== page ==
Reducing Food Waste on Campus
Food. It’s amazing. We all know this to be true.
What’s not amazing about food, is that nearly 40% of food in America is wasted. Can you imagine throwing away 40% of your pizza? Well probably not because that would be crazy.
While we may not be throwing out perfectly good pizzas (cringes), we often waste food because we don’t plan very well. We’ve all opened our refrigerators and pulled out a half-full carton of strawberries only to find them sporting a furry layer of mold.
Being conscious of how much food we eat or throw away can be challenging. When you’re a university student or simply purchasing food from a campus market or cafe, you might not have much control over where your food waste goes or how much waste is produced from preparing your food.
That’s why it’s so important that MDining is dedicated to reducing food waste on campus. There are different strategies that the dining halls uses to limit food waste as well other types of waste.
Off the truck
- Cardboard boxes and plastic wrapping from storing and shipping food are all recycled behind the scenes.
In the kitchen
- All pre-consumer waste in the MDining kitchens is taken to to the City of Ann Arbor Compost Site, operated by WeCare Organics.
- Pre-consumer waste includes things like carrot peels and onion skins.
- At the South Quad dining hall, food headed toward the compost pile is run through a pulper and extractor. This process extracts water from food waste and reduces its volume which can make it easier to transport.
- The student group, Food Recovery Network, collects surplus food and donates to food banks and people in need.
On your plate
- “Just ask!” The dining halls use small plates which lets you try different foods without creating a lot of waste. So when you want a little more of a particular dish, just ask!
- Tray-less dining is implemented at all of the dining halls. This lets you plan your meals carefully and you waste less food.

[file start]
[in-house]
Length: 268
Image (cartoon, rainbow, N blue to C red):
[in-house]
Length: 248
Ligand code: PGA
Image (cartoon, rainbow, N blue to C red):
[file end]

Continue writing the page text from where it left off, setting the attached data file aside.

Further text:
- All of teabags and coffee stirrers are compostable or recyclable as well.
Sustainable Dining Programs New to Campus
MDining is also working on new projects to extend post consumer composting to cafe locations on campus. Be sure to stop by the Fields Café in Palmer Commons this summer to check out their post-consumer composting pilot program.
Unlike the current cafe locations on campus, the Fields Café allows customers to choose the type of eating utensils (to-go plastic or silverware) and encourages customers to use the bulk style condiments and hot beverage creamers and sweeteners. This cafe also incorporates local and sustainable sourced ingredients in its farm-to-table menu.
Whats unique to this composting pilot program is its method of limiting contamination. Contamination occurs when people accidentally put non-compostable items, like plastic, into the compost bin.
The signage for the compost bins at this cafe will include images of all the specific menu items that can be composted. All you need to do is check the sign to see if what you ordered is on the compost list. Say goodbye to deliberating between the compost bin and the trash bin.
Keep your eyes open for a similar program starting at the School of Public Health JavaBlu café.